This week’s episode is a bit of a mess again, with two poles of gravity.
One is Libby, who, early in the episode, drags her husband off to Florida. But not before she’s subjected to the sound of a happy, healthy baby crying next door. The trip is meant as a kind of consolation prize for the lack of baby in the Masters household itself, but as with all such attempts to replace apples with oranges, it’s disastrous from the start. Bill doesn’t want to go, he wants to work. He can’t help observing the elderly couple whose amorous cries are leaking through those permeable hotel walls. Libby, meanwhile, wants to have a little fun, enjoy the sunshine. She’s amused by the couple next door, who are loud and have loud sex, too. He is not, and soon they fight, and he returns home. Home, where he ominously tells Gini (I have discovered that ‘Gini’ is the correct spelling) he’d like to get right back into the lab and observe more research. Libby, meanwhile, left to her own devices in the Florida hotel, has to fend off the amorous lechery of the couple next door.
The other pole is Gini. Who has been, oh, you know, just trying to overturn the foundations of Western psychoanalytic thought. She goes to a talk by Anna Freud. Anna Freud repeats a claim of her father’s, which is that the clitoral orgasm is somehow inferior to the vaginal orgasm. Not that anyone’s proved it; an emboldened Gini promptly raises her hand to ask about proof, annoying Dr. DePaul (the lady doctor), who’s in the audience. Freud admits she has n proof, but then she doesn’t know how anyone could decently come by such proof. And Gini proceeds to spend the rest of the episode trying to prove Anna Freud wrong.
By the end, this plot arc has turned into a reason for Masters to “promote” Gini to the rank of research assistant. Characteristically, she doesn’t ask if being something more than a secretary comes with an actual raise. “Keep asking questions,” Bill tells her, in the sort of weird head-pat that the show always seems to want us to believe is an actual compliment. And Gini is so flattered that she goes ahead and hops up on the examining table, takes off her blouse and bra, and essentialysays she wants to get down to it. (Specifically, she wants to prove women can be brought to orgasm just by touching their breasts, which is probably true for some women but also sounds a lot like wishful thinking, IMHO. Still, science!) It’s just so strange that after weeks of agonizing over the will-she-or-won’t-she portion of the study, Gini’s just like, all right, yup, rarin’ to go, isn’t it? She doesn’t seem to feel even the slightest soupcon of oh, your wife just lost a baby.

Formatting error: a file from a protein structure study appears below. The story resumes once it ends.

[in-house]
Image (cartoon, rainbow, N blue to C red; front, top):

This is not the only moment in the episode where the anchor falls and flattens the interesting drama. Poor Margaret Scully, alerted by her friends to the delights of volunteering for sex research, goes in to try to sign up for the study and finds herself confronted with the question that, according to television, no woman in the 1950s could answer: Have You Had An Orgasm, Ever? When Johnson tells her, “You’d know,” if she’d had one, Allison Janney’s face fell so fast I wanted to run in and scoop her up and tell her it would be okay. Masters rejects her from the study. Then she had to go have a loveless dinner with the Provost, who turns out to be the kind of closeted-gay husband that won’t even take you to the movies, the cad. But when she goes Margaret runs into the young doctor whose impotence preoccupied him so a few episodes back, and he deflowers her (in the orgasmic sense) in the backseat of a car. Which is all a little convenient, but hey, this is a show that always feels a little too convenient, doesn’t it?